" Dear Pam, You are “A God Send”. I want to thank you for consulting with the Loop Restaurants to create our Chaplain’s Program manual, handbook and employee /franchisee hand out. We distributed the finished product at our recent Franchise Conference. The Chaplain’s program now is provided as a system. By formalizing the program, our franchisees perceive more value in offering the Chaplain’s program as an addition to our existing employee assistance program. Again, thanks so much.


Would you like to submit a review and be featured in the next newsletter?

Please click here. You will find a list of  business review sites. Click the name of the site where you want to leave a review. You can place your review on one or as many as you like. Each review will help me so much, so I am thanking you in advance. If you want to leave a review for a site that is not listed, please contact me and let me know which site.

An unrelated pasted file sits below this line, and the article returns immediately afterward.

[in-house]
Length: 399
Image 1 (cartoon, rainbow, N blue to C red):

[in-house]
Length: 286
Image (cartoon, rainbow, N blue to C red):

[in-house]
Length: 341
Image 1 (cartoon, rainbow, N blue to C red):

An informal leader has a significant amount of influence within an organization. Co-workers view the informal leader as someone worth listening to because of their perceived experience and reputation. The informal leader does not hold any position of formal authority or power over their co-workers. Choosing to follow their lead can influence the decisions of others. It is important for informal leaders to understand the great value that they bring to an organization and how they can be a valuable asset to the formal leaders of an organization.


If you have questions or need any assistance, email us.  You can also call us @ 904-830-0737. You can also set up a free consultation

“Life’s most persistent and urgent question is, ‘What are you doing for others?”

- Dr. Martin Luther King , Jr.


MORE From Business Development 

1. Give your people room to run beyond your boundaries. 
You should encourage them to run. Don’t create artificial or turf barriers. Everyone will succeed if you encourage your team to create value and build coalitions across the organization.

2. Use your role as a formal leader broker alliances with peers. 
This can pave the way for people and teams to tackle the big issues of the day. Actively encourage teams to work to solve problems across boundaries and you will support the development of an Informal Leader culture. Those with passion and skills will grab these initiatives.